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posted: 3/3/2010 12:01 AM

Lisle chef hopes to carve out spot on U.S. culinary team

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  • Caviar-topped terrine of salmon and crepes was one of the dishes created by Unilever corporate chef Rudy Smith as he tried out for the team that will compete in the culinary Olympics in 2012.

       Caviar-topped terrine of salmon and crepes was one of the dishes created by Unilever corporate chef Rudy Smith as he tried out for the team that will compete in the culinary Olympics in 2012.
    John Starks | Staff Photographer

 
 

While our country's top athletes swooshed down the slopes and danced across the ice in Vancouver the other weekend, Rudy Smith spent 17 hours slicing, dicing, peeling, poaching, glazing and plating at an Olympic venue of another sort: a kitchen.

Smith, corporate chef at Unilever Food Solutions in Lisle, went up against 26 other chefs from across the country for one of five spots on the team that will compete in the 2012 International Culinary Arts Exhibition, commonly called the Culinary Olympics, in Erfurt, Germany. The first of two elimination tryouts took place Feb. 20 and 21 at the Culinary Arts Center at Elgin Community College.

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Just as athletes spend hours each day practicing their sport, Smith lived, ate and slept food in the days, weeks and months leading up to the competition.

"It's been keeping me up at night," Smith said a few days before the contest in which he was to present an array of finger foods, a three-course dinner and an elaborate seafood platter to a panel of judges, most of them former culinary Olympians.

"I've been developing the specific dishes, consulting with other chefs I work with; it's a tremendous amount of time before you ever pick up a knife and go into the kitchen," Smith said.

The competition isn't like what you've seen on "Iron Chef" or "Top Chef." The chefs vying for the Olympic team are members of the American Culinary Federation working within a strict list of ingredients and criteria. There's no room for on-site improvisation. A tuxedoed host doesn't unveil a basket of mystery ingredients. The chefs don't have to cook with items from a vending machine. A sexy hostess walk through the kitchen counting down the minutes.

"It's different from what people see on TV; that's for entertainment," Smith said. "This is a different caliber of chefs."

The chefs in the competition work for corporations, culinary schools, country clubs, hotels or caterers - food industry jobs with generally a more classical approach to cooking than that of restaurant chefs.

Over the two days of competition each chef worked with an apprentice (a co-worker or, in some cases, a student in ECC's culinary program) in a self-contained kitchen pod. They had to bring all their own ingredients and equipment - from paring knifes and tooth picks to saute pans and china platters - with them.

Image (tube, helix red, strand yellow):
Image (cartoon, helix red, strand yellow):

For 12 hours the first day the chefs prepped the ingredients; the second day they had five hours to complete and plate their presentations. All of the food - from smoked scallops, to carrot curls to individual lettuce leaves - gets preserved in aspic, a clear gelatin that must be artfully applied in layers to protect the food from spoiling while it awaits the judging.

The final hour the kitchen was eerily quiet as each chef and his apprentice moved in sync to peel and carve tiny tomatoes for garnishes, spoon pearl-sized dollops of sour cream onto 10-layer, bite-sized terrines of crepes and salmon, and painstakingly pour crystal-clear consomme into bowls without stirring up any bubbles.

"This is the strongest talent pool we've had in the last two or three tryouts," said judge and chef Charles Carroll of River Oaks Country Club in Houston as he studied the competitors.

"We want to see how they communicate with their apprentice, how they handle themselves in the heat of the moment," Carroll said. "We're looking for people who can work as a team; we're looking for creative talent.

"We're not looking for Olympic Gold now, we're looking for people who have it in them," he said.

Many of the competitors, including Smith, have been on past Olympic teams, and former team members were on hand to mentor younger hopefuls.

While a handful of chefs lingered at their stations placing capers and beet batons onto hors d'oeuvres and piping carrot coulis onto pristine plates Smith and his apprentice and co-worker Matt Burton, had finished laying out their creations on their designated banquet table. The Spartan Terrace dining room looked ready for a black-tie gala with all the glistening food on display.

A few chefs went over the noon deadline but were still able to set up their tables. Culinary team manager Steve Jilleba, also a chef with Unilever Food Solutions, said those chefs still would be judged, but would be docked points. Each of the chefs was rated on a 40-point scale that gave weight to creativity, technique, menu development and taste.

At the end of the nearly three-hour judging session 15 chefs were selected to advance to the next round of tryouts in April. Gold medals (scores of 36 and up) went to five chefs including Timothy Bucci, associate professor at Joliet Junior College, silver (32 to 35) went to one chef and bronze medals (28 to 31) went to nine chef, including Smith and John Reed of Customized Culinary Solutions in Skokie.

"I was a little disappointed with myself that I didn't get silver or gold, but on the other hand it was my first competition in 10 years." Smith said.

He anticipates a few more sleepless nights between now and the April 10 competition back in the ECC kitchens.

"I think what kept me from scoring higher was menu development and color; those are details I'll be working on."

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